The first day of Spring always seems to come with a feeling of renewal, a fresh start. With the nice weather we’ve been having it’s hard to not feel a sense of hope and excitement for the upcoming days as winter leaves.
The people who suffer from Seasonal Affective Disorder should be starting to feel better soon if they’re not already. SAD is a kind of depression that happens in those long, dark winter months where it’s hard to find the motivation to even get up in the morning. Sometimes the simplest of tasks can seem impossible to complete, much like depression itself.
It’s exciting to see the snow melt and to get back outside for a nature walk and yes, for many people this is all they need to get back to feeling like themselves again. But we should keep in mind not everyone’s depression is seasonal, and even for those who have SAD, everyone comes out of it at their own time.
While trying to give well-meaning advice about getting outside, doing some yard work or getting on that nature walk seems like a productive or positive thing to say to people who have depression, remember, if it’s hard for them to get out of bed, think about what going on a walk must sound like to them.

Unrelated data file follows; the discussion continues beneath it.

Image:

But that doesn’t mean you should stop being encouraging and supportive. People with depression oftentimes feel like a burden on their families; they might just get up and go on that walk with you if they think it will make you feel better. They might slap on that smile and happy façade because they know that’s what their family wants to see.
Oftentimes, well-meaning friends and family get frustrated with their loved ones who suffer from a mental health disorder, and that frustration is most definitely felt by those who are depressed. It is hard on both ends. But the best thing to remember is to be there for them even in their sadness and let them know that they don’t have to pretend with you.
So, invite that friend out who you know suffers with mental health, even if you’re certain they’re gonna cancel on you at the last minute. And when they do, accept it wholeheartedly, no guilt and no strings attached.
And when you start thinking that bringing them on a walk in this beautiful spring weather is a great idea and will make them feel better and then it doesn’t, or they decline to go with at all, accept that too. They just might need a hug, or someone to sit with them in silence to remind them they don’t have to smile or pretend to be happy to be loved.